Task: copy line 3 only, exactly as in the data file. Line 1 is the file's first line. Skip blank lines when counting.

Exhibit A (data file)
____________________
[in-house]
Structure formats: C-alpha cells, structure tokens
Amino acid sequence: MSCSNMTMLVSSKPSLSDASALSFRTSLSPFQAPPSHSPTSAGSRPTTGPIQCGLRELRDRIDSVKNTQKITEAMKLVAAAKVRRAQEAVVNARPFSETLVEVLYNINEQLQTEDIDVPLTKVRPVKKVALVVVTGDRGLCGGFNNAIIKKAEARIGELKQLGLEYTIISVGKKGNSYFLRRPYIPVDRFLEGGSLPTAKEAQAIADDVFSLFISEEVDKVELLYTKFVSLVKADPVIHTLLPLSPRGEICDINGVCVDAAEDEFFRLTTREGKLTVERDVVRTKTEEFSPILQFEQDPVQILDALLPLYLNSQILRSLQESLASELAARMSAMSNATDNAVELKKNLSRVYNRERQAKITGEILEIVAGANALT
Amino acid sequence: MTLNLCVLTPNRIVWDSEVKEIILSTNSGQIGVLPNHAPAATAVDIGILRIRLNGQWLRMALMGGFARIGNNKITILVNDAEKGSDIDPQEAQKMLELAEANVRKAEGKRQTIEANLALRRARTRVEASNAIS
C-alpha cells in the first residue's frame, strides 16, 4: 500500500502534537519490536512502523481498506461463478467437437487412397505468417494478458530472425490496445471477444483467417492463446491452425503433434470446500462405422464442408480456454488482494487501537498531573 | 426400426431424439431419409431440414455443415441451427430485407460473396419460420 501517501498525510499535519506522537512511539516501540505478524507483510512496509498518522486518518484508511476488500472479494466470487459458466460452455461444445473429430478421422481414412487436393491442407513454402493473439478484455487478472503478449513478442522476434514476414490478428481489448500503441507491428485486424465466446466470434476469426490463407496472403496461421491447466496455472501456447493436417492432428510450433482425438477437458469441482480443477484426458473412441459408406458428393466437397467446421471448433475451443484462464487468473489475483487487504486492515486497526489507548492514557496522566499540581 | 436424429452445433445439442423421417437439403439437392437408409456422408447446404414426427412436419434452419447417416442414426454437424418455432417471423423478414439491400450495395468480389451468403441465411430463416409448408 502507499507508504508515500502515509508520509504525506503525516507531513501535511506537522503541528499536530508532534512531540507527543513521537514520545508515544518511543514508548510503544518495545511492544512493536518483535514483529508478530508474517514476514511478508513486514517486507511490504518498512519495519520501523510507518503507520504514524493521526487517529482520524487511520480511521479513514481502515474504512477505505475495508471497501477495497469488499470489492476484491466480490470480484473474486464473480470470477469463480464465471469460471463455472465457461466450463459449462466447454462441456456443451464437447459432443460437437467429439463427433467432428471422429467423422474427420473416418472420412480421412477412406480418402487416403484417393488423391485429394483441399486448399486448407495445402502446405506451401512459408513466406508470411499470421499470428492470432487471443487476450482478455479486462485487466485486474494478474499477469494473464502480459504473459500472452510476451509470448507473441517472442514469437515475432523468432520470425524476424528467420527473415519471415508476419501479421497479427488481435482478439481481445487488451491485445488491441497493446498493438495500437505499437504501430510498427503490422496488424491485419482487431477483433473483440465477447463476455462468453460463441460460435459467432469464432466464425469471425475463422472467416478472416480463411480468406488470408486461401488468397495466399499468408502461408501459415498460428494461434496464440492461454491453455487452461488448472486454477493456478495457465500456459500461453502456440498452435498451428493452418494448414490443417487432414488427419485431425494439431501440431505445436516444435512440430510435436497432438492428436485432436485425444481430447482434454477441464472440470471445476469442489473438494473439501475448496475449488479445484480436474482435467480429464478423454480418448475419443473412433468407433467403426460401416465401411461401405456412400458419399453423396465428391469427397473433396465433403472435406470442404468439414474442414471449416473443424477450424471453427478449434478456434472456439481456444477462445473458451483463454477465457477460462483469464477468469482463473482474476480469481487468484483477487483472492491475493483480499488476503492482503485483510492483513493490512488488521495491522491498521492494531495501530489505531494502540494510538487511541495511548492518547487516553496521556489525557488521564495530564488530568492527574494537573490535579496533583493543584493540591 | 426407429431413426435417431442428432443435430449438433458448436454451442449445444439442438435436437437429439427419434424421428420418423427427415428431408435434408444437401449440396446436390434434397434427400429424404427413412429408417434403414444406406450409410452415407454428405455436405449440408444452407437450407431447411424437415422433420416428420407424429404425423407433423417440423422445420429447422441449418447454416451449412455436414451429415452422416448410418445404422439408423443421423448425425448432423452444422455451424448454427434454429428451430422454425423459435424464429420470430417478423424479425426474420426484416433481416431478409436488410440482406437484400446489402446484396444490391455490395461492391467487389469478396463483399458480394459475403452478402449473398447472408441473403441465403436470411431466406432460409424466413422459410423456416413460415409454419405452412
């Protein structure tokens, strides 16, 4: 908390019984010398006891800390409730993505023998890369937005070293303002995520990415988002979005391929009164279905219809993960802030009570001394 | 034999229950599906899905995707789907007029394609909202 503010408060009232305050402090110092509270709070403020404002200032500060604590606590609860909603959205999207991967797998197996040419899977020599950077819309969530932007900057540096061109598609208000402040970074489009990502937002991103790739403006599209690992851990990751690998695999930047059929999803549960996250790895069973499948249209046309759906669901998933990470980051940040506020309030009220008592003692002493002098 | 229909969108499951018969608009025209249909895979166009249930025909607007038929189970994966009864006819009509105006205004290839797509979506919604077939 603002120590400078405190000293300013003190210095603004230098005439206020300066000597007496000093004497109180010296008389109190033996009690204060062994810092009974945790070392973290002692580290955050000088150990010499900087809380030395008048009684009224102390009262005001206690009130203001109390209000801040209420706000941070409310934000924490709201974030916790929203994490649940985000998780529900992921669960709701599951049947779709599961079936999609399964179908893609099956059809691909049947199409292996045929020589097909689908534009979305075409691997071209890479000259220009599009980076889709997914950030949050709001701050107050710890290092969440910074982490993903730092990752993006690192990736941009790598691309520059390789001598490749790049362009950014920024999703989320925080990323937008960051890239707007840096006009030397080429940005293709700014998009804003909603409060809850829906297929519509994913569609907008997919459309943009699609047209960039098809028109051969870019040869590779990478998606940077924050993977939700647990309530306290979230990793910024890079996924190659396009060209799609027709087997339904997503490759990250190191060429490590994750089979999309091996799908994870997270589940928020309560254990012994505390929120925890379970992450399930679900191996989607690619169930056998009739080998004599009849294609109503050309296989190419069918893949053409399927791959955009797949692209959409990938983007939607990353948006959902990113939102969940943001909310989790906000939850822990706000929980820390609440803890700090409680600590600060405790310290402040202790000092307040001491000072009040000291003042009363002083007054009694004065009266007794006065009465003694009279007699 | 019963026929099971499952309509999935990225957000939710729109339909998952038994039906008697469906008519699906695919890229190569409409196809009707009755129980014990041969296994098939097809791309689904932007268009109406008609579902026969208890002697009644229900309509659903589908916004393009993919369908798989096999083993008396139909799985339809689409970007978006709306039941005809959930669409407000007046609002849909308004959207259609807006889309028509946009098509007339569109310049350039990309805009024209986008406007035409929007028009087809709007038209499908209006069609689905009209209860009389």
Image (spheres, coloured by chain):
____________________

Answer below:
Amino acid sequence: MSCSNMTMLVSSKPSLSDASALSFRTSLSPFQAPPSHSPTSAGSRPTTGPIQCGLRELRDRIDSVKNTQKITEAMKLVAAAKVRRAQEAVVNARPFSETLVEVLYNINEQLQTEDIDVPLTKVRPVKKVALVVVTGDRGLCGGFNNAIIKKAEARIGELKQLGLEYTIISVGKKGNSYFLRRPYIPVDRFLEGGSLPTAKEAQAIADDVFSLFISEEVDKVELLYTKFVSLVKADPVIHTLLPLSPRGEICDINGVCVDAAEDEFFRLTTREGKLTVERDVVRTKTEEFSPILQFEQDPVQILDALLPLYLNSQILRSLQESLASELAARMSAMSNATDNAVELKKNLSRVYNRERQAKITGEILEIVAGANALT